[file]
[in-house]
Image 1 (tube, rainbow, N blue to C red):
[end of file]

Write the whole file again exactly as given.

[in-house]
Image 1 (tube, rainbow, N blue to C red):